Developing your Yammer group

There are lots of guides out there on using Yammer, the internal social networking tool – how to set up a network, build your profile and so on.

However, that’s not all there is to Yammer and a key skill is community building, particularly if you are running a group.

Now, Yammer is a pretty easy to use bit of software. Many of the ways of making your group work as an effective community however, are nothing to do with software and everything to do with human behaviour.

Here are five tips to designing a Yammer group to succeed. A lot of the advice can be applied to any online community, too, so even if you don’t use Yammer, it ought to help.

  1. Make it look fun

This is key. If you want people to join your Yammer group and get engaged with it, you want to make it an attractive looking thing to do.

Things to consider:

  • The name of your group – make it sound nice and welcoming and don’t be tempted to make it sound all corporate and dull
  • The image you use as the group’s icon – again, avoid the dull corporate approach. Is there a fun joke you can make with the image? Pop culture and retro TV references are always a winner
  • Your short description – you only have a few words to make your Yammer group sound like the sort of thing a normal person would want to join. Use them wisely!
  • The longer information text you can add to the sidebar – this is where you can go into more detail, and perhaps add in some of the more serious work stuff that your group is about
  1. Start small and grow organically

It’s very tempting when starting something new to be excited and enthusiastic about it – quite right too! However, with any online community, it’s a good idea not to shout too loudly, particularly in the early days.

After all, when it has just started, your community is likely to be a bit short of content and activity. You don’t really want hundreds of visitors to stop by and perhaps be disappointed by what is on offer.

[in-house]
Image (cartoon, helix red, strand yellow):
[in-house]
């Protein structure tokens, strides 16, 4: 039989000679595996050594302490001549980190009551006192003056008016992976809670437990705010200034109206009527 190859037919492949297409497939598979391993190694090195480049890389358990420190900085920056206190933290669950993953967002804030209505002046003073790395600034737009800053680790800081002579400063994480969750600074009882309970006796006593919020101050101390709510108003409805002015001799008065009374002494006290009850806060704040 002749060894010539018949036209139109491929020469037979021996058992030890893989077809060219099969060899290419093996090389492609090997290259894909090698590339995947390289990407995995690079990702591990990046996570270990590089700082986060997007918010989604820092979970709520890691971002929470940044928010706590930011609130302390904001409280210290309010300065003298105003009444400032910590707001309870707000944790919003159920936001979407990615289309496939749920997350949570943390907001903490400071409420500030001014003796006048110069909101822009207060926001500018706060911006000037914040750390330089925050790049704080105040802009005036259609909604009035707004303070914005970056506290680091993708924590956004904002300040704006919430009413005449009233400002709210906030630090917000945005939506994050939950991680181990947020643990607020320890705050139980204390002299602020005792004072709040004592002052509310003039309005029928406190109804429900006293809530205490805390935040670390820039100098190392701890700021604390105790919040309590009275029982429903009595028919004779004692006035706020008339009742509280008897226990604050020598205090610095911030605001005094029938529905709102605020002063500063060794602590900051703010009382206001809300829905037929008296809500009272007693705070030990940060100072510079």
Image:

The way to get around this is to start small when it comes to inviting people in. Don’t do a big launch but gradually get more people involved, so that the levels of content and activity in your group are in sync with the number of people visiting.

  1. Engage the engaged

As part of the start small approach, who should you get involved first? You might be tempted to reach out to new people, to instantly get a return on your new group by being able to point to new audiences being engaged with your work.

However, it’s far better to get people involved early who you can rely on to make a strong contribution. Much of the culture of an online community is set by early members, so make sure the people you encourage to join will exhibit the sort of behaviour you want to encourage in your group.

  1. Give people a reason to join

If you are at a stage where you want to give your membership a boost, how do you get people to sign up?

One way is to make it so people have to be a member to get something they want.

As an example, say you run some training and want to share the slides and other resources with those that attended. Rather than emailing them around, why not upload them to the Yammer group, so that people need to be there to be able to access them?

  1. Keep up the flow

As a community manager, it’s vital to keep up a flow of activity. How quick that flow is, and how much of it you need will depend on the topic of your group and the personalities of those involved.

You will be in the best position to decided what the best flow for your group is – how often new discussions ought to be seeded, for example, or how many times documents ought to be shared for comment.

You don’t want the flow to dry up – people will lost interest – but then you also don’t want it to become a flood because people will be scared off.

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Published by

Dave Briggs

I'm an experienced senior manager in digital and ICT, looking for interim engagements to modernise technology teams to help organisations transform.